Modern science begins in abstraction. Take Newton’s Laws, an object that is in motion will remain in motion unless acted upon by an outside force. But there is no object that is not acted on by outside forces. How then can we describe such an object? Only as a mental construct.
This abstraction is not a bad thing in and of itself. Indeed, it’s quite useful, as the success of modern science attests (though we note that this success is mediated, for when we speak of the triumphs of modern science, we really mean the triumphs of science as it is translated into actuality via modern engineering). Yet, we err when we mistake the abstraction for the thing from which it is abstracted. Yes, that ball would move through space indefinitely were I to throw it in a realm where no other things exist, but that realm does not exist. Yes, I can render planetary motion as an equation, but a planet is not an equation.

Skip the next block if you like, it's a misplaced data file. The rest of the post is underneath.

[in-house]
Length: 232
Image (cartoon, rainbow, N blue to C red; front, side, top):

Ultimately, this abstracted picture leads to a world of mere particles, as Barfield calls them. Note, the particles are themselves abstractions denuded of the qualities, secondary qualities in the Enlightenment parlance, that makes things things in the first place. These secondary qualities are displaced into the mind. Thus, the existence of any thing, that is not a mere particle, is dependent on the collective representation of human minds.
If this picture is true, then descriptions of pre-history are fables. They tell the story of what happened, as if our collective representations existed before we existed, but how could they? This is left unexplained. The consequence of stripping the physical world of the content of these representations, deprives us of our ability to speak of it.
What’s more, it presumes these representations have a static character. That the representations of today are identical to the representations of yesterday, but we have ample evidence that this is not the case, witness ancient literature. Thus, they tell a myth about the world not only as if the collective representations of mankind existed before mankind itself, but as if the collective representations of modern, “scientifically”-minded men existed before modernity.
There is and, given the scientific world-picture, can be no justification for this presumption.